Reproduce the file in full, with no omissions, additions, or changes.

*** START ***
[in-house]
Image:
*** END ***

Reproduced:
[in-house]
Image: